Myth Spr 20: Online test, & 2 pix of Heracles

March 20, 2020

Dear Classical Mythology students,

Welcome to my blog, which I have been running for most of the last decade.  It’s a fairly low-tech venue, and one I am familiar with, so I have been thinking that it might be the right format for the future teaching of our class.

Let me ask you to listen to this voice memo above, in .m4a format, and tell me whether or not listening to a recording like this is going to be OK for you as a way for me to run class. Shoot me a quick email to say either “My internet connection isn’t going to work for this” or “This will be just fine.” 

Also– and this means a lot to me –let me know how you are doing during these very strange days.

Yours,
CMcD

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Photo Credit, Hannah True

 

Discussion of two images of Heracles and Hera

Terms

Etruscans (Etruria)
Geoponica
Galaxy (from Greek, gala, galaktos, “milk”)
putti (cherubs in Renaissance art)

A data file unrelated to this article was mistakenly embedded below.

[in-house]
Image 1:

Images

img-16.jpg

Etruscan Bronze Mirror. Florence: Museo Archeologico. 325 BC

The Origin of the Milky Way in Detail Tintoretto.jpg

Jacopo Tintoretto, The Origin of the Milky Way. London: National Gallery. 1575

58442000_1317943778381143_3761988440413962240_n.jpg

Barbara Ungar,
In Tintoretto’s Origin of the Milky Way

Jupiter coasts in, thrusting
baby Hercules at
Juno’s breast. She sprawls

naked, her luxe Venetian bed
entangled in cloud. Four
cherubim zoom in with bow

and arrows; her peacocks
watch. Shining rays
spray from her nipples:

the right streaming down to plant
lilies in earth; the left shooting
up—past the bastard

infant’s head and her bangled
arm upflung into sky­—
to flower in ten golden stars.

All the faces, even her mask
of perfection, gaze
at that miracle of milk. Startled

awake, she leans back,
bare foot treading
thundercloud, one hand open

above all their heads,
as if she, goddess of childbirth,
had just flung new-

born stars. The astonishment
of milk arcing out
into space, her stranger body

showering in spontaneous creation.

BTW, If you like this poem, there are a few more of Barbara Ungar’s ecphrastic poems (poems about artworks) at this link.

 

About Uncomely and Broken

I am a classicist in Sewanee, Tennessee.
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